Sunday, 13 October 2013

Make October 11th a Holiday Throughout Europe

We really should make October 11th a public holiday throughout Europe. Why? Because it is the anniversary of the Battle of Tours, the great victory of Charles, King of the Franks, against the invading hordes of the Saracen army. The battle took place in the year 732. Ever afterwards Charles was known as "Charles Martel"  - Charles the Hammer.

 The Saracens were Muslim jihadists from Arabia. In one century they had overrun most of Asia Minor, North Africa and Spain, before heading over the Pyrenees into what is now France. They had beseiged Constantinople. They burned, looted, raped and pillaged everywhere, desecrating churches and proclaiming they had come to impose the rule of Mahomet.
 The Franks were greatly outnumbered but they were on home ground at Tours, near the river Loire, and they fought a long tough battle of attrition, holding out for seven days against repeated assaults." “Near the river Owar [Loire], the two great hosts of the two languages and the two creeds [Islam and Christianity] were set in array against each other. The hearts of Abd al-Rahman, his captains and his men were filled with wrath and pride, and they were the first to begin to fight. The Muslim horsemen dashed fierce and frequent forward against the battalions of the Franks, who resisted manfully, and many fell dead on either side, until the going down of the sun.”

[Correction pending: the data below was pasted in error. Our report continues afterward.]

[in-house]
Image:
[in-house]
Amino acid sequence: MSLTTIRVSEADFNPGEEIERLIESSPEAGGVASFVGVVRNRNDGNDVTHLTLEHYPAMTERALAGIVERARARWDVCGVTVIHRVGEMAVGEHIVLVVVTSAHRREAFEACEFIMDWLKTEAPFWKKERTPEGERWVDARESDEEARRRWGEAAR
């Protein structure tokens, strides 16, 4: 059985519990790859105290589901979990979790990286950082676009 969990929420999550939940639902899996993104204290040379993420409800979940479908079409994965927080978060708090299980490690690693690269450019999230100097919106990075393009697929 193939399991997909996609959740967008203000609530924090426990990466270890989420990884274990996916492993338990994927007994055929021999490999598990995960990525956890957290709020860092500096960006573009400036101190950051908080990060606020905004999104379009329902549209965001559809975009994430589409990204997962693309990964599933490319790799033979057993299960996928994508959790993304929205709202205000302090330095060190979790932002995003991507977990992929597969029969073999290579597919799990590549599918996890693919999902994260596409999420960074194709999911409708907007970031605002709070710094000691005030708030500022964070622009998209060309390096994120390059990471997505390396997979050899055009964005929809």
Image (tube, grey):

According to the Chronicle of 754, much of which was composed from eye-witness accounts, “The men of the north stood as motionless as a wall, they were like a belt of ice frozen together, and not to be dissolved, as they slew the Arab with the sword. The Austrasians [Franks], vast of limb, and iron of hand, hewed on bravely in the thick of the fight; it was they who found and cut down the Saracen’s king [Rahman].”

The battle was a turning-point in European history. If King Charles and his small army had not defeated the invaders, Islam might have established itself all over Europe. Instead, King Charles founded a great dynasty, and became the grandfather of Charlemagne.
   Can we even envisage Europe if Charles and his sturdy troops had lost the battle? None of the great cathedrals, the greatest landmarks of European culture, would be there in our cities. No churches in our villages. No pubs either, anywhere! No vineyards in Burgundy or Bordeaux. No Tuscan Chianti. No ham or sausages. And none of the great painters. They were all representational. No Mona Lisa, no Botticelli Venus, no Rembrandt, no Van Dyck, no Constable or Turner or Monet. No Picasso! There would have been no Shakespeare because public theatres with mixed audiences would never have been permitted. There would have been no Jane Austen as women would not have been educated and would have had nothing to write about since all their marriages would have been arranged. No women would be visible on our streets  - only figures shrouded in black like bin-bags. And there would have been no science, no inventions like the printing-press, no Isaac Newton or Einstein because all you need to know is written in one short book.
       Yes we certainly owe a lot to King Charles Martel for winning the Battle of Tours.
 We need to put real history back on the school curriculum, and this would be a good start.

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